Bonhoeffer, Emmi (1905–1991)
Bonhoeffer, Emmi (1905–1991)
Bonhoeffer, Emmi (1905–1991)
German anti-Nazi and wife of Klaus Bonhoeffer, member of the anti-Nazi resistance. Born Emmi Delbrück in Berlin, Germany, in 1905; died in Düsseldorf on March 12, 1991; one of six children of Hans Delbrück (a historian and political publicist) and Lina (Thiersch) Delbrück; married Klaus Bonhoeffer (chief counsel of the German Lufthansa Airline Company and leading civilian member of the military resistance to the Hitler regime), in 1930 (murdered, April 23, 1945); children: three.
Though occupied raising their children, strongly supported her husband's decision to oppose Nazism, assisting him on countless occasions both morally and practically; husband arrested (October 1944), sentenced to death (February 1945), murdered by the SS (April 23, 1945); barely escaped being killed when her house was destroyed in the last days of the war; moved with her children to Schleswig-Holstein to re-build their lives (June 1945); was active in activities aiding war refugees, as well as anti-Nazi educational work and various humanitarian efforts.
Born in Berlin in 1905, Emmi Delbrück grew up in the exclusive suburb of Grunewald in an environment of intellectual brilliance and personal tolerance. Her father, the historian and political publicist Hans Delbrück, had cosmopolitan, liberal attitudes that were critical of much of the narrowly militaristic spirit of Kaiser Wilhelm II's Germany. During World War I, Hans Delbrück strongly criticized Pan-German extremists who aimed for a total German victory, arguing that their attitudes would lead the Reich to a terrible catastrophe. Emmi flourished in a family circle that included leading writers and intellectuals. The neighborhood, too, fostered liberality of thought and action. One neighbor was Emmi's uncle, Adolf von Harnack, world-famous as a theologian and the founder of modern critical Biblical exegesis. Unlike some German elite families, the Delbrücks were not anti-Semitic. Among Emmi's closest friends were two Jewish girls, Brigitte (Tutti) Fischer and Suse Lissauer , who would manage to emigrate from Nazi Germany in the 1930s. When she was a young girl, Emmi's best friends were the four Bonhoeffer children—Christel , Klaus, and twins Dietrich and Sabine —who were also neighbors. The rich, lifelong relationship between Emmi and the Bonhoeffers was destined to be violently severed because of the tragic nature of modern German history.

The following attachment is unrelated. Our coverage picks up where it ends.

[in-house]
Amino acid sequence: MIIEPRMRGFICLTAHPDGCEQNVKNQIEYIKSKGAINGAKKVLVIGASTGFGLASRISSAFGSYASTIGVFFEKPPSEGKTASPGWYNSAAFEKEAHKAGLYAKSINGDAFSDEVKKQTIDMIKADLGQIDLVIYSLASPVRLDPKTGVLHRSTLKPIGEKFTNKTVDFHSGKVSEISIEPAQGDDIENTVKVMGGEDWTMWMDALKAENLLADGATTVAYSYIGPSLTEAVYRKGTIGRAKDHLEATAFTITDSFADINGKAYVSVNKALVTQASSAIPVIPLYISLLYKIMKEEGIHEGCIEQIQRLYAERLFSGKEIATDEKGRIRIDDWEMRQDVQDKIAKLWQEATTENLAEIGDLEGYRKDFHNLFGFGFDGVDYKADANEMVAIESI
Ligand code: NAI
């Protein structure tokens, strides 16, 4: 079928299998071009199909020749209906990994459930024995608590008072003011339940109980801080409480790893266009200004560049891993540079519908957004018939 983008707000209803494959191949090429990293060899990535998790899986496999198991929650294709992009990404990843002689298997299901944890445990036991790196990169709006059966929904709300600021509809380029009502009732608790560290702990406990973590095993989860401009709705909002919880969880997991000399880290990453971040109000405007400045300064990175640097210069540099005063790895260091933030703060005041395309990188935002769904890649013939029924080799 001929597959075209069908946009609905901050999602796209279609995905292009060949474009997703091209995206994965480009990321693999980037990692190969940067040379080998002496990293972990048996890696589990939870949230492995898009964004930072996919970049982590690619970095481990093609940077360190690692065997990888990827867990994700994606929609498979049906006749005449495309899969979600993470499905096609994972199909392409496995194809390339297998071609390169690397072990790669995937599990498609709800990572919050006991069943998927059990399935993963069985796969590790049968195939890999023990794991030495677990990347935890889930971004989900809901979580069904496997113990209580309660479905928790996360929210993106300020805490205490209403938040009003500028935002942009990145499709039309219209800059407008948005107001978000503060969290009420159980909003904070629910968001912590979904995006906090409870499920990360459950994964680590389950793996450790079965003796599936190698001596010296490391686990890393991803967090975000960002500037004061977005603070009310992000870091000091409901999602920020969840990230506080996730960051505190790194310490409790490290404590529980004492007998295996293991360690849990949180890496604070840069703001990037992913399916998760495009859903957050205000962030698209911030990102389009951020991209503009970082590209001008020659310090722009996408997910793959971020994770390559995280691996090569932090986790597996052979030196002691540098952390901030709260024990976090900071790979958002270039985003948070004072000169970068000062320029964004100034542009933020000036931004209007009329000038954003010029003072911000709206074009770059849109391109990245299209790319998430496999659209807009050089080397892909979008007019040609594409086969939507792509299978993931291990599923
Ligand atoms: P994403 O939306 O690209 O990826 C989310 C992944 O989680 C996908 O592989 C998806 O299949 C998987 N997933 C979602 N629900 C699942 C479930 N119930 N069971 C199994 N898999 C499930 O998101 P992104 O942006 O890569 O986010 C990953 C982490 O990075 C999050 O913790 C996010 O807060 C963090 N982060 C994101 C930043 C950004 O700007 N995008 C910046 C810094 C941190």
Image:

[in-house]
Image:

In 1930, Emmi married Klaus Bonhoeffer, who had become a lawyer for the German Lufthansa airline. As the family grew and his career prospered, Germany descended into the darkness of the brutal Nazi dictatorship. Both Emmi and Klaus were deeply opposed to the flouting of humanitarian traditions and basic human rights by the Hitler dictatorship, but at first there was little they could do to resist the regime. Emmi, who never saw Adolf Hitler in person, recalled that his voice, which she often heard on the radio, was that of "a man who always screamed." The humanistic family tradition of both the Bonhoeffer and Delbrück families had inoculated them against Nazi racism and intolerance. Defying the anti-Jewish Nazi boycott of April 1, 1933, Klaus' paternal grandmother poked one of the storm troopers in front of a Jewish-owned grocery shop on his shiny boots, insisting, "I'll buy my butter where I have always bought my butter." The Nazi toughs let her through unmolested.
Promoted to corporate counsel for Lufthansa in 1936, Klaus enjoyed significant opportunities to establish contacts both in Germany and abroad with anti-Nazi individuals and groups. Through his brother Dietrich Bonhoeffer, a brilliant young Protestant theologian, Klaus kept abreast of developments within Christian anti-Nazi circles. With the coming of war in 1939, the plans of the anti-Nazi resistance groups within the regime concentrated on an assassination of Hitler and a military coup that would seize the government and end the war. Klaus established contact with the military plotters through his brother-in-law Hans von Dohnanyi and developed links with the Social Democratic opposition groups through Emmi's cousin, Ernst von Harnack.